Hearthstone Alterac Valley Meta Review - A Fast One

It's always hard to judge a Hearthstone metagame. When it comes to the brand new Onyxia's Lair mini-set, along with the rest of the Fractured in Alterac Valley expansion, there are just a whole lot of cards to consider.

What actually makes a good Hearthstone meta? I can't remember a time when there was a consensus 'positive' time for the game - portions of the player base are always going to be frustrated that their favourite deck type isn't represented in HSReplay's top tier.

At the moment, though, things are going pretty well for the health of the game.

The Hearthstone Alterac Valley meta reignites the fight between the Horde and the Alliance.
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Credit: Blizzard

What is the Alterac Valley?

The Fractured in Alterac Valley expansion brings the lore back to the Warcraft series' roots: scrapping between the Horde and the Alliance.

It's the Frostwolf orcs against the Stormpike dwarves, with all kinds of new-to-Hearthstone characters exploring an aspect of the Warcraft universe that hasn't really been touched upon since the early days of Blizzard’s premiere World of Warcraft MMORPG.

It's a good, fan-favourite theme. Other recent expansions have focused on the original Horde vs Alliance war, with Forged in the Barrens focusing on the former and United in Stormwind the latter, so it makes sense to bring them together in competition here.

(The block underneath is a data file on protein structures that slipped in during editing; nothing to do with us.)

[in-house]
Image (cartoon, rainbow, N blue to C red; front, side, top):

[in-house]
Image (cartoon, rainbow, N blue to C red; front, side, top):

In a three-expansion annual cycle, it's always nice to bring a narrative together; although I much preferred the over-the-top story that occurred in the Rise of Shadows/Saviors of Uldum/Descent of Dragons cycle, with iconic Hearthstone heroes and villains fighting it out.

Lots Of Viability

Sure, the Alterac Valley meta isn't fun and games for everyone. Non-aggro Priest players aren't doing brilliantly against aggressive decks like Aggro or OTK (one turn kill) Shaman right now. Even the meta-favouring Warrior continues to dominate. But it's still more than possible to churn out a positive win rate with lowly Priest - it just takes a bit more effort.

If it hasn't been made clear enough already, my favourite way to play Hearthstone is in a control style. I like to have answers for enemy threats, a win condition for later on, and big minions to chuck onto the board to reward my patience.

Unfortunately, an Aggro Druid or Face Hunter deck doesn't really care about this, and a fair few matchups can feel unwinnable. When those uneven brawls take up most of your time on the ranked queue, things can get pretty rough.

So far, though, there's been a solid amount of variety in the meta. A lot of matchups are reasonably well balanced and rely on the classic combination of RNG and skill, with complete stompings seeming quite rare in my experience.

The most important thing in Hearthstone is a variety of decks being viable. The Alterac Valley does a solid job of this, so surely the meta is in a better place than it has been for quite some time, right?

That all depends on what kind of Hearthstone player you are.

The Hearthstone Alterac Valley meta benefits from your paid packs, but it does a lot to entice new and old players back in.
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Credit: Blizzard

Open That Wallet